Add to Favourites | Email this Page | Print this Page  

bullet SITE MENU

bullet Ascension Sunday

Service for the Ascension Sunday

[Keep a moment of silence, calling to mind that, though we are unable to gather together, we share fellowship as a Church family as we offer this short act worship in our own homes]

In the name of the Father, and of the Son, and of the Holy Spirit. Amen.

During Eastertide we have been celebrating with joyful hearts the resurrection of our Lord Jesus Christ, his bursting from the tomb and his defeat of the power of sin and death. He appeared to his disciples many times and told them about the kingdom of God. Today we recall how he left this earth and returned to his Father, ascending into heaven to take his throne over all dominions and powers.

Alleluia, alleluia. Go and make disciples of all nations, says the Lord. Remember, I am with you always, to the end of the age.  [Matthew 28]


Grant, we pray, almighty God, that as we believe your only-begotten Son our Lord Jesus Christ to have ascended into the heavens, so we in heart and mind may also ascend and with him continually dwell; who is alive and reigns with you and the Holy Spirit, one God, now and for ever. Amen.

New Testament Reading: Acts 1.1-11 

A reading from the Acts of the Apostles

In my former book, Theophilus, I wrote about all that Jesus began to do and to teach until the day he was taken up to heaven, after giving instructions through the Holy Spirit to the apostles he had chosen. After his suffering, he presented himself to them and gave many convincing proofs that he was alive. He appeared to them over a period of forty days and spoke about the kingdom of God. On one occasion, while he was eating with them, he gave them this command: “Do not leave Jerusalem, but wait for the gift my Father promised, which you have heard me speak about. For John baptized with water, but in a few days you will be baptized with[b] the Holy Spirit.” Then they gathered around him and asked him, “Lord, are you at this time going to restore the kingdom to Israel?” He said to them: “It is not for you to know the times or dates the Father has set by his own authority. But you will receive power when the Holy Spirit comes on you; and you will be my witnesses in Jerusalem, and in all Judea and Samaria, and to the ends of the earth.” After he said this, he was taken up before their very eyes, and a cloud hid him from their sight.  They were looking intently up into the sky as he was going, when suddenly two men dressed in white stood beside them. “Men of Galilee,” they said, “why do you stand here looking into the sky? This same Jesus, who has been taken from you into heaven, will come back in the same way you have seen him go into heaven.”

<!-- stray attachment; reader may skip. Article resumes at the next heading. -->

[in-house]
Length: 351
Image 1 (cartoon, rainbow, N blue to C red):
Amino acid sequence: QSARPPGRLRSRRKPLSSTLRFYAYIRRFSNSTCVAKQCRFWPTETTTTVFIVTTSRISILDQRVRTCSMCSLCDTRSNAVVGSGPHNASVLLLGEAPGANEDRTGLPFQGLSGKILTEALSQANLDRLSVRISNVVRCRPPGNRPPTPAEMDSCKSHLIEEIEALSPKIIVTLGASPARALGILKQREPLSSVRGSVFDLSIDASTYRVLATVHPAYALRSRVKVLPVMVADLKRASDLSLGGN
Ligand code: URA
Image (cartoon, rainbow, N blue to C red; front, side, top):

Today we celebrate the Feast of the Ascension of our Lord.  We remember how, forty days after his resurrection and in the presence of his disciples, Jesus ascended through the cloud into heaven where he now reigns as ‘King of Kings and Lord of Lords’.

            In St Luke’s description of the event he draws from his own understanding of the universe. Like the people of his day he saw creation as being three tiered; the earth, with heaven above and hell below. So the ascension of Jesus made the utmost sense to him. The readings we listen to and the hymns that we usually sing in Church all speak of Jesus ‘going up’.  In the same way we still use the age-old imagery when we talk of heaven as being ‘up there’.                       

When the first man in space, Yuri Gagarin, returned to the earth in 1961 one of the first things he is reputed to have said was that he did not see God ‘up there’. His claim came as no surprise to anyone, for to limit the Ascension to the ancient world understanding of the universe is to miss the point completely. 

What we celebrate today is the mystery that when Jesus ascended he did not go to reign in the endless vacuum that is deep space; he returned to the glory that was his before he took our human flesh. For the twenty first century Christian heaven is thought of theologically, rather than geographically, as the dwelling place of God. 

St. Luke’s description of the Ascension is summed up in the phrase, ‘a cloud received him from their sight.’ This was not just any cloud, it was the ‘Cloud of glory’, what the Old Testament refers to as the ‘Shekinah’.  The Shekinah always represented the presence and mystery of God.  It led the Israelites through the wilderness to the Promised Land.  It filled the tabernacle tent and was the glory of God in the temple.  We read of the Shekinah cloud at the Transfiguration, when the disciples were given a glimpse of Jesus’ divine glory on the holy mountain. At the Ascension it received the risen Christ and released him from the constraints of his earthly ministry. It’s why we celebrate today his promise, ‘Lo I am with you always to the close of the age.’